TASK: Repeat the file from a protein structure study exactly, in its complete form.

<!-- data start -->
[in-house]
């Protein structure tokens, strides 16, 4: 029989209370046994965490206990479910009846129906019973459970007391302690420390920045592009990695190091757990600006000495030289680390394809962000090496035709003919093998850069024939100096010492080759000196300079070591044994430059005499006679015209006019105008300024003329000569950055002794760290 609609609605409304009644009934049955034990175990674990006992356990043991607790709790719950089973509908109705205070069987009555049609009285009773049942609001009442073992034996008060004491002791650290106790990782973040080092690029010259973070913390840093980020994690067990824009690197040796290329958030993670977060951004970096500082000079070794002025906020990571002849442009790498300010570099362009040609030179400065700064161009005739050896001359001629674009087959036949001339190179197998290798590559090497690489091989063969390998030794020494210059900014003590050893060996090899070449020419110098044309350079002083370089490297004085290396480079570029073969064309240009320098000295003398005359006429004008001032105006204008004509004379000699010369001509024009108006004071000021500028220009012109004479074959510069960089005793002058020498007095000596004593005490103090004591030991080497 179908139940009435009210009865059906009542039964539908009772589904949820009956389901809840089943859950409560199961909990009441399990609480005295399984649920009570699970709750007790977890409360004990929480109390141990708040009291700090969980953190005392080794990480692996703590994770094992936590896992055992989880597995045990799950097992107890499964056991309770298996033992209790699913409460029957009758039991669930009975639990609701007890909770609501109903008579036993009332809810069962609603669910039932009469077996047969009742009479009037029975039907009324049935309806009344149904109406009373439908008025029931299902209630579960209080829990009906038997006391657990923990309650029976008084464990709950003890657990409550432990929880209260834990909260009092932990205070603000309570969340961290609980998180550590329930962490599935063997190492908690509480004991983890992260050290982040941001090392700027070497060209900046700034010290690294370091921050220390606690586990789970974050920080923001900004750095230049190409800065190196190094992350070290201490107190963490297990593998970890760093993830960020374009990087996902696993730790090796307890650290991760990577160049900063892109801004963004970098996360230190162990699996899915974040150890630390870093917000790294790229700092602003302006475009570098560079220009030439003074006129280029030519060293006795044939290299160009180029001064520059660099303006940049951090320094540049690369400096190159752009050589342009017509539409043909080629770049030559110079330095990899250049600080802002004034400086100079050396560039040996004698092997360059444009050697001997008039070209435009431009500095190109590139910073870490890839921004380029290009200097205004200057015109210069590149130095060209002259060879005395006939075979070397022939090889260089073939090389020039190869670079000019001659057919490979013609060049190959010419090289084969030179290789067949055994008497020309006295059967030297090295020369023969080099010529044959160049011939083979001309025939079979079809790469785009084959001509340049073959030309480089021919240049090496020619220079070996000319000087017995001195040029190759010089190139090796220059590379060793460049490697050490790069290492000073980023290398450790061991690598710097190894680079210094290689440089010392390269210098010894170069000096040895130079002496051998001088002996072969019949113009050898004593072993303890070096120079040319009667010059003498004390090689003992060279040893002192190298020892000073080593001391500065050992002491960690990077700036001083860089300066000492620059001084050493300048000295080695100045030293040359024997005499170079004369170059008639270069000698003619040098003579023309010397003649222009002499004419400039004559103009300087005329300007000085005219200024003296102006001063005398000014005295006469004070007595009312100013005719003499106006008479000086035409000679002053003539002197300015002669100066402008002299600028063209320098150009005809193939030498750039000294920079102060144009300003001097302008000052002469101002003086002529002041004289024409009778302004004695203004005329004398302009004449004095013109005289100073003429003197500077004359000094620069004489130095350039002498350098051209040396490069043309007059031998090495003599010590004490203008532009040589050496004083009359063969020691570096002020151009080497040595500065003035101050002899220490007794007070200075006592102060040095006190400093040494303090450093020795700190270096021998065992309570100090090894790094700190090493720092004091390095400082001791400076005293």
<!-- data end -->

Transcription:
[in-house]
């Protein structure tokens, strides 16, 4: 029989209370046994965490206990479910009846129906019973459970007391302690420390920045592009990695190091757990600006000495030289680390394809962000090496035709003919093998850069024939100096010492080759000196300079070591044994430059005499006679015209006019105008300024003329000569950055002794760290 609609609605409304009644009934049955034990175990674990006992356990043991607790709790719950089973509908109705205070069987009555049609009285009773049942609001009442073992034996008060004491002791650290106790990782973040080092690029010259973070913390840093980020994690067990824009690197040796290329958030993670977060951004970096500082000079070794002025906020990571002849442009790498300010570099362009040609030179400065700064161009005739050896001359001629674009087959036949001339190179197998290798590559090497690489091989063969390998030794020494210059900014003590050893060996090899070449020419110098044309350079002083370089490297004085290396480079570029073969064309240009320098000295003398005359006429004008001032105006204008004509004379000699010369001509024009108006004071000021500028220009012109004479074959510069960089005793002058020498007095000596004593005490103090004591030991080497 179908139940009435009210009865059906009542039964539908009772589904949820009956389901809840089943859950409560199961909990009441399990609480005295399984649920009570699970709750007790977890409360004990929480109390141990708040009291700090969980953190005392080794990480692996703590994770094992936590896992055992989880597995045990799950097992107890499964056991309770298996033992209790699913409460029957009758039991669930009975639990609701007890909770609501109903008579036993009332809810069962609603669910039932009469077996047969009742009479009037029975039907009324049935309806009344149904109406009373439908008025029931299902209630579960209080829990009906038997006391657990923990309650029976008084464990709950003890657990409550432990929880209260834990909260009092932990205070603000309570969340961290609980998180550590329930962490599935063997190492908690509480004991983890992260050290982040941001090392700027070497060209900046700034010290690294370091921050220390606690586990789970974050920080923001900004750095230049190409800065190196190094992350070290201490107190963490297990593998970890760093993830960020374009990087996902696993730790090796307890650290991760990577160049900063892109801004963004970098996360230190162990699996899915974040150890630390870093917000790294790229700092602003302006475009570098560079220009030439003074006129280029030519060293006795044939290299160009180029001064520059660099303006940049951090320094540049690369400096190159752009050589342009017509539409043909080629770049030559110079330095990899250049600080802002004034400086100079050396560039040996004698092997360059444009050697001997008039070209435009431009500095190109590139910073870490890839921004380029290009200097205004200057015109210069590149130095060209002259060879005395006939075979070397022939090889260089073939090389020039190869670079000019001659057919490979013609060049190959010419090289084969030179290789067949055994008497020309006295059967030297090295020369023969080099010529044959160049011939083979001309025939079979079809790469785009084959001509340049073959030309480089021919240049090496020619220079070996000319000087017995001195040029190759010089190139090796220059590379060793460049490697050490790069290492000073980023290398450790061991690598710097190894680079210094290689440089010392390269210098010894170069000096040895130079002496051998001088002996072969019949113009050898004593072993303890070096120079040319009667010059003498004390090689003992060279040893002192190298020892000073080593001391500065050992002491960690990077700036001083860089300066000492620059001084050493300048000295080695100045030293040359024997005499170079004369170059008639270069000698003619040098003579023309010397003649222009002499004419400039004559103009300087005329300007000085005219200024003296102006001063005398000014005295006469004070007595009312100013005719003499106006008479000086035409000679002053003539002197300015002669100066402008002299600028063209320098150009005809193939030498750039000294920079102060144009300003001097302008000052002469101002003086002529002041004289024409009778302004004695203004005329004398302009004449004095013109005289100073003429003197500077004359000094620069004489130095350039002498350098051209040396490069043309007059031998090495003599010590004490203008532009040589050496004083009359063969020691570096002020151009080497040595500065003035101050002899220490007794007070200075006592102060040095006190400093040494303090450093020795700190270096021998065992309570100090090894790094700190090493720092004091390095400082001791400076005293």